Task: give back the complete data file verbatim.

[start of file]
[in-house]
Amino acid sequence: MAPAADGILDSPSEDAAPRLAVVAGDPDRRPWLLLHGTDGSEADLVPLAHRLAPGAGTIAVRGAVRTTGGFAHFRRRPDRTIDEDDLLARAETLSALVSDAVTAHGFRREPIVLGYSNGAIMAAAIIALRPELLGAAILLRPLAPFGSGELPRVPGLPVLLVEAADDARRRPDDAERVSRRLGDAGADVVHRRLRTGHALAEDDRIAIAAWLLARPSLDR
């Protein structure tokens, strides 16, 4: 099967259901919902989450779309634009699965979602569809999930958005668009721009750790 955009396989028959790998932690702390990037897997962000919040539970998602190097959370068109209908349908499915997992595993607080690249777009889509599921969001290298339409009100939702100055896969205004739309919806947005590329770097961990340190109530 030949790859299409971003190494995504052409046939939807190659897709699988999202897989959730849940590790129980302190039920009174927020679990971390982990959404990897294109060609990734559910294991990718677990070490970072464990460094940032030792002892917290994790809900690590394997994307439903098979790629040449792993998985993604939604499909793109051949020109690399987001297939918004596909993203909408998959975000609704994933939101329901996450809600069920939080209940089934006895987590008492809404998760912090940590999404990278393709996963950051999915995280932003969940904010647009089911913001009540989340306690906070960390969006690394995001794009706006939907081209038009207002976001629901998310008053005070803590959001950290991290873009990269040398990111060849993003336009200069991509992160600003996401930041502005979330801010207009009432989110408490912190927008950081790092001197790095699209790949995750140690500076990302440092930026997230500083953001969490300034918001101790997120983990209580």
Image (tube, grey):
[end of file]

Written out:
[in-house]
Amino acid sequence: MAPAADGILDSPSEDAAPRLAVVAGDPDRRPWLLLHGTDGSEADLVPLAHRLAPGAGTIAVRGAVRTTGGFAHFRRRPDRTIDEDDLLARAETLSALVSDAVTAHGFRREPIVLGYSNGAIMAAAIIALRPELLGAAILLRPLAPFGSGELPRVPGLPVLLVEAADDARRRPDDAERVSRRLGDAGADVVHRRLRTGHALAEDDRIAIAAWLLARPSLDR
């Protein structure tokens, strides 16, 4: 099967259901919902989450779309634009699965979602569809999930958005668009721009750790 955009396989028959790998932690702390990037897997962000919040539970998602190097959370068109209908349908499915997992595993607080690249777009889509599921969001290298339409009100939702100055896969205004739309919806947005590329770097961990340190109530 030949790859299409971003190494995504052409046939939807190659897709699988999202897989959730849940590790129980302190039920009174927020679990971390982990959404990897294109060609990734559910294991990718677990070490970072464990460094940032030792002892917290994790809900690590394997994307439903098979790629040449792993998985993604939604499909793109051949020109690399987001297939918004596909993203909408998959975000609704994933939101329901996450809600069920939080209940089934006895987590008492809404998760912090940590999404990278393709996963950051999915995280932003969940904010647009089911913001009540989340306690906070960390969006690394995001794009706006939907081209038009207002976001629901998310008053005070803590959001950290991290873009990269040398990111060849993003336009200069991509992160600003996401930041502005979330801010207009009432989110408490912190927008950081790092001197790095699209790949995750140690500076990302440092930026997230500083953001969490300034918001101790997120983990209580």
Image (tube, grey):